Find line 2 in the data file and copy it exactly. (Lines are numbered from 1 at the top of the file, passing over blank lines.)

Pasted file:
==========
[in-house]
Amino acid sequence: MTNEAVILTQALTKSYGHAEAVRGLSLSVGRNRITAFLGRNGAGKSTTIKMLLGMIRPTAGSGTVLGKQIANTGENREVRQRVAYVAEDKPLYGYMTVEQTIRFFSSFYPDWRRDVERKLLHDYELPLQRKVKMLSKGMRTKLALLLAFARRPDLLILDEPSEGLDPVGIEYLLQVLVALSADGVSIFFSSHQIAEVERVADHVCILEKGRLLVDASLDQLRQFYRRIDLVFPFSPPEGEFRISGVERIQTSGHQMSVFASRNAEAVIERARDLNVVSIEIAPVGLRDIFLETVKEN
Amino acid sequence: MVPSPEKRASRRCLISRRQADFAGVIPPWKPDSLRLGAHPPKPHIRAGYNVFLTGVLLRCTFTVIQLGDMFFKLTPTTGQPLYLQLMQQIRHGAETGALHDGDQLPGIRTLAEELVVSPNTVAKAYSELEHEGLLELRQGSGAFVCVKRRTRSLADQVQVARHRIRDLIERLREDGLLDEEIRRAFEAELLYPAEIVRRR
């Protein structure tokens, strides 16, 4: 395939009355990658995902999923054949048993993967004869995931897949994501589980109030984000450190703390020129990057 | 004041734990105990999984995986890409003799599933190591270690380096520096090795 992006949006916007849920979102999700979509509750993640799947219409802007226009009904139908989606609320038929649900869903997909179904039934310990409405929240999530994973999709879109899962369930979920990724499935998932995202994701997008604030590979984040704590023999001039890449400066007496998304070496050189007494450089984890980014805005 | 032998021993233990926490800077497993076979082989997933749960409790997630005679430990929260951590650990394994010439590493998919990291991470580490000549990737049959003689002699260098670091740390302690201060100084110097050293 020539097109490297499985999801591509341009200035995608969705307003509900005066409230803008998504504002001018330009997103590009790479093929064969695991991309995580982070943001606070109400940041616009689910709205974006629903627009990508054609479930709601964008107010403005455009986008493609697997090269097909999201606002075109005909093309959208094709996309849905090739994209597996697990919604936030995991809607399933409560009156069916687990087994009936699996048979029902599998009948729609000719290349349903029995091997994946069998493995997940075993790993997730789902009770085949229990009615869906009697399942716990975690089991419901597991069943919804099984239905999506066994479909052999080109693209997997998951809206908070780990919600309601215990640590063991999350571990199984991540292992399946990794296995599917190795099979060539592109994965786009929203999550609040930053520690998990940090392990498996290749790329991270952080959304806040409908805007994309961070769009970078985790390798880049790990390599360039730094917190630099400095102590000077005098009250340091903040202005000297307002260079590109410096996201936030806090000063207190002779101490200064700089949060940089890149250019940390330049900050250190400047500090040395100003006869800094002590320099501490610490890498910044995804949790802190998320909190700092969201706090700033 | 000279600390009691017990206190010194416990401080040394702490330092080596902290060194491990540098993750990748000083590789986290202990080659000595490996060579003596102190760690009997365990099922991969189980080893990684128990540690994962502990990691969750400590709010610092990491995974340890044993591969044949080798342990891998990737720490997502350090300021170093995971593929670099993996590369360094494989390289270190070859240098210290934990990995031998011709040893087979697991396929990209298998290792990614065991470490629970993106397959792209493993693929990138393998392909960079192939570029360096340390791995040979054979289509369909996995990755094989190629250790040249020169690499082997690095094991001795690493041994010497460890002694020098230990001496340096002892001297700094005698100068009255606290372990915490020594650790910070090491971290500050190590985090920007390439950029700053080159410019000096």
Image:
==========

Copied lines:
Amino acid sequence: MTNEAVILTQALTKSYGHAEAVRGLSLSVGRNRITAFLGRNGAGKSTTIKMLLGMIRPTAGSGTVLGKQIANTGENREVRQRVAYVAEDKPLYGYMTVEQTIRFFSSFYPDWRRDVERKLLHDYELPLQRKVKMLSKGMRTKLALLLAFARRPDLLILDEPSEGLDPVGIEYLLQVLVALSADGVSIFFSSHQIAEVERVADHVCILEKGRLLVDASLDQLRQFYRRIDLVFPFSPPEGEFRISGVERIQTSGHQMSVFASRNAEAVIERARDLNVVSIEIAPVGLRDIFLETVKEN